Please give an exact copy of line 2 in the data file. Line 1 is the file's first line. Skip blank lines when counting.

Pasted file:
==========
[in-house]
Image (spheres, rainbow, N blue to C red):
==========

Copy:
Image (spheres, rainbow, N blue to C red):